Hand-kneading bread is a gratifying process with simple, enjoyable steps. Massaging your dough properly helps develop the gluten in the flour, which is key in forming the elastic texture needed for the baking process. Working the gluten also helps prevent baked goods from drying out and crumbling.
However, before you get started kneading your bread, there are a few things to know.
Finding the Ideal Workspace
A functioning workspace will make a difference when hand-kneading dough. Fortunately, a comfortable workspace for hand-kneading requires few materials and little setup. To avoid straining your back and arm muscles, choose a flat counter or tabletop high enough to prevent you from overextending your arms while kneading.
Clean and thoroughly dry your surface, read your recipe specifications before sprinkling the surface with flour, and then keep calm and knead on!
Techniques for Kneading
With the right technique, the perfect well-kneaded dough is simple and easy to achieve. Try the following tried-and-true hand-kneading techniques.
For beginners, the “Basic Fold” can be your go-to for hand kneading. Simply fold your dough round in half, press the dough with your palms, and repeat!
The “French Fold” works best on stickier, wet doughs, typically those with hydration over 65%. For this method, use both hands, stretch the dough toward you then fold the dough back over itself. Complete this process twice—no flour is required!
The Rubaud Method
This classic technique works well when baking traditional French bread loaves and if you are prepping large quantities of pre-fermented dough. It involves placing the dough in a bowl, cupping it with your hand, and pulling it toward yourself.
This method takes about 10-20 minutes and requires a bit of practice. Follow easy-to-do video instructions to perfect the technique.
Stretch and Fold
If your dough is dense, with less than 65% hydration, try the “Stretch and Fold.” To utilize this method:
- Do not flour the countertop
- Hold down the side of the dough closest to you
- Grab the other half of the dough; stretch it away from your body
- Fold the dough toward you, back on top of itself; rotate 90 degrees
- Repeat these steps for 10-30 minutes, rotating in the same direction
Knowing When It’s Right
Hand-kneading bread requires gentle, rhythmic motions to stretch your dough, which takes roughly 10 to 15 minutes. The dough needs to be sturdy and stretchy to properly rise, or your bread will dry out. So, how do you know when it’s ready to bake?
What Should Kneaded Dough Look Like?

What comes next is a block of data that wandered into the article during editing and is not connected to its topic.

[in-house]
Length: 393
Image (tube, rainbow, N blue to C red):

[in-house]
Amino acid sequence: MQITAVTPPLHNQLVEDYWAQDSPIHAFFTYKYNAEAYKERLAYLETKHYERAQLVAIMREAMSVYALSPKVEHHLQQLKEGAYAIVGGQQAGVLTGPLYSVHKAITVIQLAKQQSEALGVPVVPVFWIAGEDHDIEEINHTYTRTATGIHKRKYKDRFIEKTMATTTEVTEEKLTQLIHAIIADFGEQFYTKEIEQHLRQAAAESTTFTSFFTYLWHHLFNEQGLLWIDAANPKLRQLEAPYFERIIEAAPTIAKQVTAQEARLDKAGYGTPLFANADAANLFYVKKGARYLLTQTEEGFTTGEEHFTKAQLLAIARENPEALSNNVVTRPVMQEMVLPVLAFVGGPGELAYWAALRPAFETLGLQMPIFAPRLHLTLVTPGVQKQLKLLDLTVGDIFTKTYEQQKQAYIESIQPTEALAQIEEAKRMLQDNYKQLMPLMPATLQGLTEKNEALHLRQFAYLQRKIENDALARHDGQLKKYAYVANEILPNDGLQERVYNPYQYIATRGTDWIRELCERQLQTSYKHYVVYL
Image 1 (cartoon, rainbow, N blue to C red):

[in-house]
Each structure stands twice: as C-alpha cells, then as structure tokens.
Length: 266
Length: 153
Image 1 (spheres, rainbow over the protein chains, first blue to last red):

A properly kneaded dough will look smooth and springy! If your dough starts out lumpy and wet, that’s normal. As you go through the kneading process, your dough should start to look and feel soft and cushiony—then the kneading process is complete.
Follow the Recipe
Following the recipe’s visual instructions will help achieve properly kneaded dough. Avoid working the dough too hard, as it can absorb too much heat from the palms of your hands. If you follow the steps, it’s unlikely you will over-knead by hand.
Over Kneaded Dough
While it’s difficult to over-knead by hand, it can happen! If you notice that your dough is warm and has turned from a nice classic tanned wheat to a dull, white color, you’ve likely over-kneaded.
The “windowpane” test will indicate if your dough is properly kneaded. Remove and hold a small circle of dough in front of you, then stretch it between your thumb and first two fingers. If you can stretch the dough thin enough, without tearing, that you can see light through it, you’ve reached the sweet spot! If it pulls apart, it needs a bit more kneading.
Helpful Kneading Tools for Your Kitchen
Kneading is a simple, repetitive skill that results in a delicious, fresh reward. It takes minutes to do with minimal requirements; however, there are a few items you can keep on hand to ensure the process goes smoothly.
Highly hydrated doughs are known to stick to your countertop and mixing bowls. An inexpensive dough scraper allows you to easily combine your ingredients, move the dough around your workspace, and prevent over-flouring.
Between sticky dough and loose flour, kneading by hand can be a messy process. Keep a dedicated apron on hand to keep your clothes clean!
Measuring Cup of Flour
Depending on hydration, not all doughs require additional flour. However, keeping a measuring cup of flour on hand while you work will help keep the dough from sticking to your hands, clothes, and countertop.
Purchase a small kitchen timer to keep track of your kneading. Though handy, avoid using your phone’s timer. Between the sticky dough and dense flour, your phone is at risk of becoming a mess!
Go Get That Bread!
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